As I look back over the many years of service at Union UMC and the New England Conference, my first leadership role was as Church School teacher. I taught Church School because I had young children and I felt that I needed to help out. A few years later, I was asked to take on the role of the Superintendent of Sunday School. I served in that role for several years.
During my participation in conference-wide activities, I learned of a district-wide Lay Academy that was held for laity interested in becoming Lay Servants. I took the Basic course for Lay Servants and became a Local Lay Servant. I continued to take several advanced courses to become a Certified Lay Servant. In the meantime, I was asked by the pastor of our church to become the Lay Leader, which I accepted. During those times spent at the Academy, I was approached by the District Superintendent to become a Co-District Lay Leader. In this role, I not only helped to plan the Lay Academies and other trainings conference-wide, but I also taught the Basic course for many years.
In earlier years, Lay Servants were encouraged to preach. After attending the Lay Academy, I knew from the beginning that my calling was not preaching. My strengths were, and still are, organization and helping others realize their gifts and strengths. I encourage other laity to participate in their local churches by chairing ministries and in chairing, own the ministry that they are doing.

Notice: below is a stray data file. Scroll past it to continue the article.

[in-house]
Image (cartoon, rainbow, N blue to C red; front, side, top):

These gifts have been further put to use in the past year. I have been appointed to the position of Co-Lay Leader of the New England Conference. This allows me to work closely with the Conference Lay Leader and all of the other District Lay Leaders. We work to make laity strong and productive in all the churches in New England.
My leadership roles have been undergirded by my prayer life. My belief is that all things are possible through Christ who strengthens me. Whenever possible, I participate in Bible study. I am encouraged on a daily basis by my prayer partner and participating in a small group ministry.
It is crucial for there to be women in leadership at all levels of The United Methodist church. For many years, women were not seen as leaders or there were certain positions and roles that were not open to them. As we know, women are the backbone of most churches. Whether the role is large or small, the women can be counted on to carry out the vision and tasks of their churches.
In order to do a better job of engaging lay women across all lines of The United Methodist Church, it is necessary to increase awareness and communication with the clergy. If the clergy has a better understanding of the role of laywomen and the potential that they hold for churches, a larger number of women would be willing to step up and lead. Clergy also needs to be willing to support laywomen.
I would not have been able to lead and remain in a leadership role without the help and encouragement of the pastors of my local church.
Ruby L. Blake is the Co-Lay Leader of the New England Annual Conference. She attends Union United Methodist Church in Boston, Massachuttes.